Bringing The World Home To You

© 2024 WUNC North Carolina Public Radio
120 Friday Center Dr
Chapel Hill, NC 27517
919.445.9150 | 800.962.9862
91.5 Chapel Hill 88.9 Manteo 90.9 Rocky Mount 91.1 Welcome 91.9 Fayetteville 90.5 Buxton 94.1 Lumberton 99.9 Southern Pines 89.9 Chadbourn
Play Live Radio
Next Up:
0:00 0:00
Available On Air Stations

Legendary NC Blues Musician George Higgs Dies

George Higgs
Tim Duffy, Music Maker Relief Foundation

North Carolina blues musician George Higgs died on Tuesday. He was 82 years old.

Higgs was known for singing the piedmont-style blues with his guitar and harmonica throughout the state and was honored as an important part of North Carolina’s musical heritage. In 1992, he received the North Carolina Folklore Society’s Brown-Hudson Award, and he was presented with the North Carolina Heritage Award the following year. Higgs performed throughout the region both solo and with the North Carolina Black Folk Heritage Tour, and released his debut album, Tarboro Blues, in 2001 in collaboration with the Music Maker Relief Foundation.

Higgs was born into a farming community 1930 in Speed, North Carolina. He picked up the harmonica as a child and grew up listening to his father play the instrument and sing spirituals. As a young man, he was inspired to purchase his first guitar after hearing a performance by Peg Leg Sam. He played at house parties and competed in guitar contest in Tarboro before singing and playing with the Friendly Five Gospel Quartet in the 1960s.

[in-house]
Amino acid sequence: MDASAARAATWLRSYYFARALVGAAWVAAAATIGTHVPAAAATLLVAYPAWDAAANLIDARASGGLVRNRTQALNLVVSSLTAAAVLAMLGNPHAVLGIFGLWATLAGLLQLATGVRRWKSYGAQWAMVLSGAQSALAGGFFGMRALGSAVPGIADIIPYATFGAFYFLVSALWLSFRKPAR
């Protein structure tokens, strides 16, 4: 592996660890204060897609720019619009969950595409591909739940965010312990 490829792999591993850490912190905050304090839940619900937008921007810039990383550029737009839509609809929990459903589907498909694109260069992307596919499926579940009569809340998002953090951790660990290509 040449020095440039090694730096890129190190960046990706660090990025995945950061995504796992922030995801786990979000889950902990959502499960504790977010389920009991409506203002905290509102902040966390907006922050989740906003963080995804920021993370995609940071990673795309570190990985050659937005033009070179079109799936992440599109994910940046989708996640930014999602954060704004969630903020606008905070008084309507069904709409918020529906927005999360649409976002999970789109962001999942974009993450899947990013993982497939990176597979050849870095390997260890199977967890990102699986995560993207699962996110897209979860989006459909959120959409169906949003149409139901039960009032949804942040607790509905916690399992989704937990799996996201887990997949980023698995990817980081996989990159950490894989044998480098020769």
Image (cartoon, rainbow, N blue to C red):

Higgs worked as a farmer, carpenter, and a father of six children with his wife Bettye in the town where he grew up.

“[For] as long as I’m alive, I think I’ll always have this urge for this old music,” he said. “I know I will. I’m going to try to carry it just as long as I’m able . . . because it’s like history to me.”

Learn more about George Higgs and his legacy here,and watch an interview with George Higgs by Grammy award-winning musician David Holt below.

Laura moved from Chattanooga to Chapel Hill in 2013 to join WUNC as a web producer. She graduated from the Salt Institute for Documentary Studies in the spring of 2012 and has created radio and multimedia stories for a variety of outlets, including Marketplace, Prairie Public, and Maine Public Broadcasting. When she's not out hunting stories, you can usually find her playing the fiddle.
Related Stories
More Stories